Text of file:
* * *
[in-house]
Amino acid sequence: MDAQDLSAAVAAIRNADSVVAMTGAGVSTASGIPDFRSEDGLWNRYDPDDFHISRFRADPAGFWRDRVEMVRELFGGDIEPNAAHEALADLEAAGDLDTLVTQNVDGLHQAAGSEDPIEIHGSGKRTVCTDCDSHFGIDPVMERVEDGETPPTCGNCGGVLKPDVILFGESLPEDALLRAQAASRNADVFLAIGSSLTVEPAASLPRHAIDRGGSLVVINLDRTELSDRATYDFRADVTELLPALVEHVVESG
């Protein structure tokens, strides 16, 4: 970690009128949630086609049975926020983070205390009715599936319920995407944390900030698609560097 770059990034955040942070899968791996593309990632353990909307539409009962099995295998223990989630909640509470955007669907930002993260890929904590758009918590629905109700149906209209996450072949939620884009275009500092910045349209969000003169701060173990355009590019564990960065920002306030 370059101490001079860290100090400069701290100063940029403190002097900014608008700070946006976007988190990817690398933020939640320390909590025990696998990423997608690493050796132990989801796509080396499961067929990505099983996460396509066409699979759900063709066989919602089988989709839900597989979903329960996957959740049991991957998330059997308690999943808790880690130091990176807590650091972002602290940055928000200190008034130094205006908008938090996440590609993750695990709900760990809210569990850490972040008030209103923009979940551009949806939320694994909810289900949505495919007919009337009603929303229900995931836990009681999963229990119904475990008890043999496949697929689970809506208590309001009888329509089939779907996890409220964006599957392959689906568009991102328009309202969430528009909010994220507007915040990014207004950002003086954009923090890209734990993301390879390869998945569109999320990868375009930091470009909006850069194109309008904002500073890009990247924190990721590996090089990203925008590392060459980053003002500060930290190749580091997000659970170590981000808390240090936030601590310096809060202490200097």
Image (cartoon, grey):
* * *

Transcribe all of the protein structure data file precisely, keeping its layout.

[in-house]
Amino acid sequence: MDAQDLSAAVAAIRNADSVVAMTGAGVSTASGIPDFRSEDGLWNRYDPDDFHISRFRADPAGFWRDRVEMVRELFGGDIEPNAAHEALADLEAAGDLDTLVTQNVDGLHQAAGSEDPIEIHGSGKRTVCTDCDSHFGIDPVMERVEDGETPPTCGNCGGVLKPDVILFGESLPEDALLRAQAASRNADVFLAIGSSLTVEPAASLPRHAIDRGGSLVVINLDRTELSDRATYDFRADVTELLPALVEHVVESG
């Protein structure tokens, strides 16, 4: 970690009128949630086609049975926020983070205390009715599936319920995407944390900030698609560097 770059990034955040942070899968791996593309990632353990909307539409009962099995295998223990989630909640509470955007669907930002993260890929904590758009918590629905109700149906209209996450072949939620884009275009500092910045349209969000003169701060173990355009590019564990960065920002306030 370059101490001079860290100090400069701290100063940029403190002097900014608008700070946006976007988190990817690398933020939640320390909590025990696998990423997608690493050796132990989801796509080396499961067929990505099983996460396509066409699979759900063709066989919602089988989709839900597989979903329960996957959740049991991957998330059997308690999943808790880690130091990176807590650091972002602290940055928000200190008034130094205006908008938090996440590609993750695990709900760990809210569990850490972040008030209103923009979940551009949806939320694994909810289900949505495919007919009337009603929303229900995931836990009681999963229990119904475990008890043999496949697929689970809506208590309001009888329509089939779907996890409220964006599957392959689906568009991102328009309202969430528009909010994220507007915040990014207004950002003086954009923090890209734990993301390879390869998945569109999320990868375009930091470009909006850069194109309008904002500073890009990247924190990721590996090089990203925008590392060459980053003002500060930290190749580091997000659970170590981000808390240090936030601590310096809060202490200097």
Image (cartoon, grey):